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How Your Roof Can Get Damaged Without You Knowing About It

by Lily Carroll

When people hear or think about roof damage they often visualise entire sheet metal roofs being pulled off by hurricane-force winds or tiled roofs being caved in by large trees during a major storm. While these events do happen, they are very rare and the main focus of most roof repair companies is much smaller but more insidious than that. After all, if the damage to your roof is small enough, you may not even know it is there and it can fester and get worse. Here are three ways your roof can become damaged without you knowing it and why you should always be proactive about roof inspections.

Flashing Coming Loose

You may not have even heard of the term flashing before, but it is a small metal lining that is placed where parts of your roof intersect with features like whirlybirds, chimneys, different levels of roofing and so on. This is done to ensure that water does not leak in at these less protected joints, but the flashing itself is not as strong as the tiles or other roofing material around it and it is known to come loose now and then. If you spot stains in your ceiling below your roof, but not too much, it is a sign that you could have minor flashing issues that need immediate roof repairs.

Cracked Tiles

The process for making tiles is rigid and has good quality control checks but you simply can never anticipate how long an individual tile will last. Sometimes lemons get through this quality control check and they will have internal vulnerabilities that cannot be tested for. On a roof with hundreds or even thousands of tiles, if a small fraction of them break then you still have a great completion rate but that tiny amount of failure still mean gaps in your defences. That is why you should always have yearly inspections of your roof by a qualified roof repair contractor, and even more frequently right after a new roof has been laid to pick out the weakest tiles that have already cracked and replace them.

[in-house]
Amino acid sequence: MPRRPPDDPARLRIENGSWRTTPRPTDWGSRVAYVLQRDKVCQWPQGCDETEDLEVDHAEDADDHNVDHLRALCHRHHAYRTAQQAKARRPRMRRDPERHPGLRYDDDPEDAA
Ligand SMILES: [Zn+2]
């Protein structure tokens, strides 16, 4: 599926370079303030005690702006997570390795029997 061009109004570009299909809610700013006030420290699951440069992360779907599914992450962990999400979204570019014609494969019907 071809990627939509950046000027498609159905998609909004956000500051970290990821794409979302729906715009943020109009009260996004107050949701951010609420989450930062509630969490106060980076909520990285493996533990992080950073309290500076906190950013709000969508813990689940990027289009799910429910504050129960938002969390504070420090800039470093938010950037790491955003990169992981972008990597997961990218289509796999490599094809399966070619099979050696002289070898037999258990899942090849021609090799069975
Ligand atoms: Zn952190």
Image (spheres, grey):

Mortar Damage

Mortar is used in the pointing and bedding of your roof tiles and is generally shielded from most of the weather but will still come into contact with water occasionally. Mortar is not as weather-resistant as tiles are, so it will often peel away first. Since it is less visible and makes up less of your roof, it is hard to notice from the ground. Every ten years or so years you will need to schedule a full reporting to replace the crumbling mortar, but if you spot any issues before then, such as bits of mortar falling onto the ground below your roof, or leaks in your home, then you need to contact a roof repair contractor sooner rather than later.